41. Huge congratulations go out to 11-year-old Madison Brewer.  Madison is the lucky winner of our 7th Youth Giveaway - A Garrett Ground Hog metal detector.  We hope that it is the beginning of a very enjoyable hobby and that Madison has lots of fun looking for Civil War relics with her Grandfather who has done it for many years.  (This really makes us happy!!!)  Madison is ready to go Civil War relic hunting with her Granddad -- Charlie Adams.  VERY IMPORTANT:  What time is it - what time is it???  It is Youth Relic Giveaway time again.  And this time, we are stepping up our game.  We are giving away a used Garrett Groundhog VLF/TR metal detector complete with a new high fidelity set of headphones and also a new Whites Bullseye pinpointer for locating your target.  This detector is several years old but still works perfectly and even comes with experience as this detector has already recovered a US belt buckle and a Confederate belt buckle.  The "Groundhog" takes some practice in getting used to, but even though it's a few years old, will still dig relics perfectly well.  Several years back, this detector was cutting-edge technology, but today there have been numerous improvements.  It is our hope that this detector will help inspire some young person toward many years of coin and/or relic recovery.  We have carried all entries forward, and we invite and encourage any young folks age 14 and under to send us a letter telling us why they would like to win this Civil War display, and we will get you entered into the contest.  We will draw the winner on October 2, 2021, (my 70th birthday) and best of luck to everyone.  The following individuals, along with Nita & myself have contributed artifacts to make these youth relic give-away displays possible: Eric Lawson - Ted and B. J. Campbell- David Hadden - Russ and Dottie Wunker - Jerry Emberlin - Tom Stone - William Briner - Jody Wright - Ed Heck - Charlie Williams - Kenny Brown - Jeff and Theresa Ruth - Gerard Simoneaux - Gary Strobel - Jeff Anderson - Lael Nelson, and Justin Simpson.  IF YOU GUYS HAPPEN TO KNOW ANY YOUNG FOLKS THAT REALLY LIKE HISTORY - PLEASE MAKE THEM AWARE OF THESE CONTESTS !!!  I'D REALLY APPRECIATE YOUR HELP IN SPREADING THE WORD !!! BEST OF LUCK TO EVERYONE !!!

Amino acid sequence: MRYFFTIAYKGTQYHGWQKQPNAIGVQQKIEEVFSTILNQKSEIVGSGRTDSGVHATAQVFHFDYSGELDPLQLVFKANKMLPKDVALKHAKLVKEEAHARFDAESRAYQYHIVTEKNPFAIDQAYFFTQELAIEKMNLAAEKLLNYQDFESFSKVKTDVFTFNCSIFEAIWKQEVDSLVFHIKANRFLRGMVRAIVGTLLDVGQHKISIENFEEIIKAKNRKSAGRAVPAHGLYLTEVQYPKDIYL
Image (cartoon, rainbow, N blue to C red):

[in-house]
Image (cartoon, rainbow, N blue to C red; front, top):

42. Congratulations to the winner of our 6th Youth Civil War Relic Contest, "Tennessee Smith", of Mineral, Virginia.  This display is in a beautiful walnut display case and consists of an excavated Federal Eagle breast plate, four original Civil War uniform buttons, an original excavated Civil War domino, five different types of Civil War bullets, and an original $100 Bank of Louisiana Civil War note.  We hope this display helps to encourage Tennessee's interest in Civil War artifacts, history, and heritage.  We have carried all entries forward, and we invite and encourage any young folks age 14 and under to send us a letter telling us why they would like to win this Civil War display, and we will get you entered into the contest.  The following individuals, along with Nita & myself have contributed artifacts to make these youth relic give-away displays possible: Eric Lawson - Ted and B. J. Campbell- David Hadden - Russ and Dottie Wunker - Jerry Emberlin - Tom Stone - William Briner - Jody Wright - Ed Heck - Charlie Williams - Jeff Anderson - Gary Strobel - Justin Simpson - and Gerard Simoneaux.  IF YOU GUYS HAPPEN TO KNOW ANY YOUNG FOLKS THAT REALLY LIKE HISTORY - PLEASE MAKE THEM AWARE OF THESE CONTESTS !!!  I'D REALLY APPRECIATE YOUR HELP IN SPREADING THE WORD !!! BEST OF LUCK TO EVERYONE !!!